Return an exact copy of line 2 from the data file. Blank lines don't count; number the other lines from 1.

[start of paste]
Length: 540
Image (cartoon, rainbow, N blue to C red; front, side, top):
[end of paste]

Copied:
Image (cartoon, rainbow, N blue to C red; front, side, top):